Friday, February 4, 2011

Celebrating 60! The Good, The Bad & The Ugly

As promised, I'm posting comments I've received on my manuscripts over the years from agents and editors.  I've taken out names of manuscripts or industry professionals because those are not important.  My 1st goal in posting these is to show how my writing and my understanding of the publishing world has gotten better over the years and why I keep writing.  My other goal is to show those who don't write what we go through and to show those who do write that if they receive a rejection like this they are not alone! 


"[COMPANY NAME] is a publication for women who loves sensual stories and requires the best in women's romantic sensual fiction."   ---emphasis added in letter/their typo, not mine, 1999

"Unfortunately, although not without merit, I'm afraid this project is not right for American Romance." ---A query on my Scottish suspense with two heroes, 2000

"I suggest you have a critique or editing performed....I can recommend one [CRITIQUING SERVICE] who has done well in the past."  --- 2003

"I wish I could help, but I am currently overwhelmed...."  --- Agent, 2002

"I am sorry to say that I am not interested in receiving a submission from [MANUSCRIPT TITLE]."  --- 2002

"Dear Author (handwritten) Lexi" --- no date

Thanks very much for the look at [MANUSCRIPT TITLE], and sorry to say no."  --- 2006

"Although I enjoyed  reading your story....I have decided to pass on this project."  --- 2007


"You're a competent author.  I didn't, however, fall in love with the plot as I had hoped."  --- 2006

"Although your story sounds interesting, I cannot consider representing you because it is too similar to a story I already represent."  --- 2007

This one told me I didn't need an agent to submit to Harlequin, but then said, "Once you've established yourself...or make the decision to branch out into single title I would love to hear from you again." --- 2008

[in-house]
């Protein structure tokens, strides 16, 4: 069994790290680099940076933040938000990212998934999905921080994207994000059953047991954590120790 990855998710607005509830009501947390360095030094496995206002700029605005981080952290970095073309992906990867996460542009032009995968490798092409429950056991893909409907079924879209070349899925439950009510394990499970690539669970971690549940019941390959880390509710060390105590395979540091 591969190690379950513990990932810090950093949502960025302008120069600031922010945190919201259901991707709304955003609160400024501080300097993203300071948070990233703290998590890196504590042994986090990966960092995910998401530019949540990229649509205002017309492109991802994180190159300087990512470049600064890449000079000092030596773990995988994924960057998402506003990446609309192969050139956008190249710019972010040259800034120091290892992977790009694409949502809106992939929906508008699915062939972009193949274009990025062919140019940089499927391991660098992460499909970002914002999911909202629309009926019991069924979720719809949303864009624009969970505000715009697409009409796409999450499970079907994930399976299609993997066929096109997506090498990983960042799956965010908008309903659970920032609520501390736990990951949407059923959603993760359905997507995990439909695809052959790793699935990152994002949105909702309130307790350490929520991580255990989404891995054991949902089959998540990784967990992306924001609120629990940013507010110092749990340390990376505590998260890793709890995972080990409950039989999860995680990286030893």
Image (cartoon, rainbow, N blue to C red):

"Thank you for sending me this---I think you  have a really great writing style and your voice is also very compelling, I just didn't feel hooked by the storyline."--- 2009

"Once again, I clearly think you are talented.  I just wanted to feel more drawn in to the danger this woman was in."  --- 2009

"I am therefore forced to reject it." --- 2010

So you can see that sticking with it has gotten me closer to a "YES."  Will I face another 60 rejections before I find the right editor/agent with the right manuscript at the right time?  I'm going to be bold here and say NO WAY!  But even if I do open another 60 rejections before I sell, at the rate I'm going, I'll get there eventually!


  1. BRAVO for you Alexa. I am like you, but not up to the 60 rejections because I hold my stories and don't send them out. How terrible is that? They are good and I've received many compliments but they don't fall into what they are looking for. I don't intend to ever give up because I love to write and I love all the friends and the experiences I have had over the years. Good luck to you!

  2. Alexa, your positive attitude is an inspiration.
    The ability to not let other people define who you are is a gift. Keep going. I can't wait to see your name on the front of a book.